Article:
I want to devote one more day to the example of Esau found here in Hebrews 12:16-17. We are told he sold his birthright for a single meal! First, let’s consider what his “birthright” was in those days. The birthright among the ancient Hebrews conferred upon the eldest son the right and privilege of spiritual leadership within the family and carried with it a double portion of their father’s estate, which indicated authority over their younger siblings. Slighting the birthright was a slighting of ministry in God’s name, but also a slighting of honoring one’s family name.
We may look at Esau and conclude that we would never make such a bad choice. However, the reality is that each and every time we choose the temporal, physical, and material over the spiritual we are doing exactly what Esau did. Our choice may not have the long-term ramifications or consequences that Esau’s choice had, but the choice is in the same vein none the less. We opt for the crumbs from the world’s table rather than the feast set out before us at the King’s table. And our King does have a table for us. “You prepare a feast before me in plain sight of my enemies” (Psalm 23:5). Note even in this reference from Psalm 23, the feast of the King is spread out for us while dealing with adverse conditions. Our enemies are right there surrounding us. They are in plain sight. It is a good and encouraging reminder that God’s provision is sufficient and faithful whether the circumstances of life are good or bad.
Now back to Esau. Let’s take one more glance at this tragic Old Testament figure. Verse 17 says, “for you know that later when he wanted to inherit the blessing, he was rejected, for he found no opportunity for repentance, although he sought the blessing with tears.” Basically, once Esau made this decision he could not go back and undo it. He also could not make up the lost time and opportunities that were now in the past. Esau had a change of heart. He wanted it all. He wanted the pot of stew and the birthright. He wanted to be regarded as the future leader of his family and still have a favorable standing among the Hittites (the enemies of God). He wanted to be famous in the world and yet remain faithful to God.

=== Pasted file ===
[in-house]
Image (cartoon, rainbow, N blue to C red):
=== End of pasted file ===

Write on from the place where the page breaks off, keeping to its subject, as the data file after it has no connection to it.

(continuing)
As I stated earlier, he wanted it all. However, we learn throughout life that we truly cannot have it all; that to love is to live with discriminating affection. We learn from the Bible that we cannot serve two masters and that a double-minded man is unstable in all his ways. “Elijah approached all the people and said, ‘How long are you going to be paralyzed by indecision? If the Lord is the true God, then follow Him, but if Baal is, follow him!’” (1 Kings 18:21) Joshua exhorted the people to choose today whom they would worship, but as for him and his family they would be worshipping the Lord. (see Joshua 24:14-15)
No amount of regret can transfer us back in time to change our decision or make up for lost time and opportunity. So, let’s not run the race of our lives like Esau. Let’s not be impulsive in making decisions, for like Esau, later we may greatly regret the choices we have made especially during the heat of the moment.
One final and yet very important word. The present is your time of hope, of a fresh beginning, of new opportunity. There is forgiveness and restoration that flows to us continually from God. We cannot go back and change the past, but we can move forward in God’s love, mercy, and grace. Let the blood of Christ cover whatever failures are in your past and keep going. God redeems our past too. Do not ever stop! Do not ever quit! Do not ever give up! God never gives up on you!